WASHINGTON (CN) – The Supreme Court appeared eager Wednesday to make states comply with the constitutional bar against excessive fines, with some justices casting the decision as all but inevitable.
“I mean, most of the incorporation cases took place in like the 1940s,” said Justice Neil Gorsuch this morning, addressing the solicitor general of Indiana. “And here we are in 2018 still litigating the incorporation of the Bill of Rights. Really? Come on, general.”
In the century and a half since the adoption of the 14th Amendment, the Supreme Court has piece by piece applied the rights guaranteed in the Bill of Rights to the states. But the Eighth Amendment’s excessive-fines clause is one of several that the court has yet to incorporate.
That proved to be a problem for Tyson Timbs.
As a way to fund an opioid addiction he developed after being prescribed painkillers for a foot ailment, Timbs began selling heroin in Indiana. He made two sales to people who turned out to be undercover police officers and was on his way to a third when police pulled him over and arrested him.
At the time, Timbs was driving a $42,000 Land Rover, which he bought with some of the money he received from a life insurance policy after his father died. While Timbs’ criminal case was pending, a law firm filed a civil forfeiture lawsuit on behalf of Indiana seeking to take the car on the grounds that it was used in a crime.
Timbs, who pleaded guilty to some of the charges against him, opposed the forfeiture by saying the value of the car far exceeded the maximum possible fine he faced for his drug dealing. A trial judge agreed, as did the Indiana Court of Appeals, but the state’s Supreme Court reversed, holding the U.S. Supreme Court had never incorporated the Eighth Amendment’s prohibition against excessive fines.
Arguing for Timbs on Wednesday, Institute for Justice attorney Wesley Hottot said applying the excessive-fines clause to the states is a matter of “constitutional housekeeping” that fits neatly within the test the court has used to apply other Bill of Rights clauses to the states.
“We’re not asking the court to articulate a new standard of excessiveness,” Hottot said. “We’re not asking the court to determine that this forfeiture was or was not excessive. We’re merely emphasizing that part of the purpose of the 14th Amendment was to guarantee to all 330 million Americans a right to a defense under the excessive fines clause. Indiana denied petitioner that defense, and the court should reverse and remand.”
Hottot faced few difficult questions during his time before the court, though Justice Samuel Alito and Chief Justice John Roberts pressed him on the limits of his argument.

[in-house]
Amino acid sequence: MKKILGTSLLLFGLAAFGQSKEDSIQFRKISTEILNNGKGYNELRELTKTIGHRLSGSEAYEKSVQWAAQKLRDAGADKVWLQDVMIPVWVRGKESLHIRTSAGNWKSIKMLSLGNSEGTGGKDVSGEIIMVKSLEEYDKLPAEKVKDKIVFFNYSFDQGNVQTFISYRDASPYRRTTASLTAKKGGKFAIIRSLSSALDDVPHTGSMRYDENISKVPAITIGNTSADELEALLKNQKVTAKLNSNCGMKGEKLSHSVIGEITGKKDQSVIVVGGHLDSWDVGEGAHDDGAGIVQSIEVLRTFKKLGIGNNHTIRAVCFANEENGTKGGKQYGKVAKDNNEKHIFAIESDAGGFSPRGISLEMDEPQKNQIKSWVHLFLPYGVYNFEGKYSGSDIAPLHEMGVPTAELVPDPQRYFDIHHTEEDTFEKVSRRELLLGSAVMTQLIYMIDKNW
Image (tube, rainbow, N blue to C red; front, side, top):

“If six years’ imprisonment is not a violation of the Eighth Amendment, and you said it might be, I think you might have something of an uphill fight to prove that,” Alito said. “But three years, two years? How low would the ceiling of permissible term of imprisonment have to go in order to justify a holding that a fine of $42,000 is a violation of the Eighth Amendment? What is the equation between dollars in a fine and time imprisonment?”
Indiana Solicitor General Thomas Fisher faced tougher questions, as he attempted to persuade the court that, while the excessive-fines clause might apply to the states, it does not cover forfeitures of property like the ones at issue in this case.
Fisher said these forfeitures, known as in rem forfeitures, have been a staple of government for centuries and that the court should therefore be hesitant to restrict them at the state level under the Eighth Amendment.
When Justice Stephen Breyer asked if that would mean a state could seize someone’s Bugatti after catching them going 5 mph over the speed limit, Fisher said that would be within the bounds of the lengthy history of civil forfeiture.
“Well, in rem forfeitures have always been with us, and they have always been harsh,” Fisher said.
The justices wondered, however, whether they would have to decide the fate of in rem forfeiture based on this case, or whether they could incorporate the excessive-fines clause to the states and then worry about whether such forfeitures are excessive at a later time.
“I mean, the question presented is does the excessive fines clause, you know, is it incorporated in the Eighth Amendment?” Roberts asked. “And I guess your argument seems to be this isn’t an excessive fine and, in fact, it isn’t a fine at all. Well, we can deal with that later, right?”
Justice Sonia Sotomayor also noted Fisher’s position would require the court to overturn its unanimous decision in Austin v. United States, in which the court held the Eighth Amendment applies to civil forfeiture actions.
“So, just so I’m clear, you’re asking us to overturn Austin because that’s the only way you can win with a straight face?” Sotomayor asked.